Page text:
public health

Better Safe Than Sorry

© Can Stock Photo / Subbotina

2020 will certainly go down as a memorable year, between the changes in our every day lives and the economic and market developments. My years as caregiver for a person with an extemely fragile immune system has given me a sense of caution about the coronavirus. (Cathy continues to influence me!)

In the spirit of ‘better safe than sorry’ we are seeking some modifications in our work with you. The median age of our advisory clients is in the area of elevated risk, and many of us have other risk factors as well. Here are the things we can do to limit exposure and illness among us all:

  • Many service matters can be done by phone or email; most forms can be signed electronically. This reduces traffic in 228 Main.
  • Schedule appointments in advance, to minimize the chance to be in a crowded place.
  • One on one consultations can be done by phone at your option; we will soon be able to video conference if you prefer.

Of course I will meet with you in person if you need that. We work with you on vital subjects, and we want you to have what you need. For the present we see no reason to suspend face to face visits.

We are doing what we can in the shop to keep it safe, wiping down public surfaces and shared objects, making hand sanitizer available. Handshakes and hugs need to stay virtual for now, not physical.

The best thing that can possibly happen is for everyone to be laughing at me in a few weeks for the needless over-reaction. I desperately hope for that outcome.

Having some experience with respiratory failure leading to death, I’m just wary of a virus that can produce that in a slight fraction of cases in a period of a couple weeks. Thank you for humoring me on this.

Clients, if you would like to talk about this or anything else, please email us or call.

Flattening The Curve

covid1

We have worked to understand as best we can the coronavirus. There are a lot of aspects to it: the health and safety of our family and friends, public health considerations, economic and investment effects. All this, while sorting through information and misinformation of varying quality.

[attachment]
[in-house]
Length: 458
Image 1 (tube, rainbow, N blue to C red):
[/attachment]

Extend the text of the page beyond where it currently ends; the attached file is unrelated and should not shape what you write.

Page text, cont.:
Which of these are true?

“Most people experience negligible symptoms, or those of a typical case of the flu” or “The virus can cause rapid respiratory failure and death”?

“People who have no other health problems and are below age 60 have little risk” or “It is important for everyone to do what they can to slow the spread of the virus”?

“The experience of other countries should comfort us” or “The experience of other countries should concern us”?

Get your mind wide open, because all of these things contain some truth. Those who are below age 60 and healthy will likely only get mild symptoms with a low risk of death. But healthy people can spread it to at-risk people.

Do you have an elderly neighbor? A young cousin with asthma? Relatives with diabetes or cardiac disease? Are you around people that have organ transplants? Or being treated for cancer? No matter what course the virus takes in the weeks and months ahead, some people with those conditions are probably going to be struggling to stay alive. Not all will survive.

To protect ourselves and others, it makes sense to do what we can to slow the rate of infection. If cases spike up rapidly, hospitals will be overwhlemed, with catastrophic effects on care. (This happened in parts of Italy.) If the rate of infection is more moderate, health facilities have a better chance to stay ahead of the curve. It makes a difference on the death rate.

The experts call this moderating effect of slower infection rates “flattening the curve.” It’s a good thing.

The extremes are not where we want to be: the virus is not going to kill us all, but neither is it a big hoax. Clients, if you would like to talk about this or anything else, please email or call.